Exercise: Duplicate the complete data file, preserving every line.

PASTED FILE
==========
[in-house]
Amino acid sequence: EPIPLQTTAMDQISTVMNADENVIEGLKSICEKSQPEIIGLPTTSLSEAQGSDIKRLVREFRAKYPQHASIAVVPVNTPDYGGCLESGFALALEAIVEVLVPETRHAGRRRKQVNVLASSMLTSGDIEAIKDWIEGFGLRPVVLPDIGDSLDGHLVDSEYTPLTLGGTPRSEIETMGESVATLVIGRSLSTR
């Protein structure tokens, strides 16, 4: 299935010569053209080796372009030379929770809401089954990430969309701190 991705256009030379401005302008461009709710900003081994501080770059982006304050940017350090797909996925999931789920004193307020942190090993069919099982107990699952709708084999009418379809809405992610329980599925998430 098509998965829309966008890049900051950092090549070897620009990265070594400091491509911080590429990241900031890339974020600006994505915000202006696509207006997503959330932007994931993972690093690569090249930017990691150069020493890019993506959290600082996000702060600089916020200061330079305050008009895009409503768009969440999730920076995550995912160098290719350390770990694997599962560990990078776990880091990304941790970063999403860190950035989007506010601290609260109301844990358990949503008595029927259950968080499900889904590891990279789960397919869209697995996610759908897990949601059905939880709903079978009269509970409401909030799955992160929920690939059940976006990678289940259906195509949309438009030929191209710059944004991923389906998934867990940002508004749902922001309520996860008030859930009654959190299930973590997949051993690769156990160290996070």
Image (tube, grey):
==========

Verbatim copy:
[in-house]
Amino acid sequence: EPIPLQTTAMDQISTVMNADENVIEGLKSICEKSQPEIIGLPTTSLSEAQGSDIKRLVREFRAKYPQHASIAVVPVNTPDYGGCLESGFALALEAIVEVLVPETRHAGRRRKQVNVLASSMLTSGDIEAIKDWIEGFGLRPVVLPDIGDSLDGHLVDSEYTPLTLGGTPRSEIETMGESVATLVIGRSLSTR
């Protein structure tokens, strides 16, 4: 299935010569053209080796372009030379929770809401089954990430969309701190 991705256009030379401005302008461009709710900003081994501080770059982006304050940017350090797909996925999931789920004193307020942190090993069919099982107990699952709708084999009418379809809405992610329980599925998430 098509998965829309966008890049900051950092090549070897620009990265070594400091491509911080590429990241900031890339974020600006994505915000202006696509207006997503959330932007994931993972690093690569090249930017990691150069020493890019993506959290600082996000702060600089916020200061330079305050008009895009409503768009969440999730920076995550995912160098290719350390770990694997599962560990990078776990880091990304941790970063999403860190950035989007506010601290609260109301844990358990949503008595029927259950968080499900889904590891990279789960397919869209697995996610759908897990949601059905939880709903079978009269509970409401909030799955992160929920690939059940976006990678289940259906195509949309438009030929191209710059944004991923389906998934867990940002508004749902922001309520996860008030859930009654959190299930973590997949051993690769156990160290996070």
Image (tube, grey):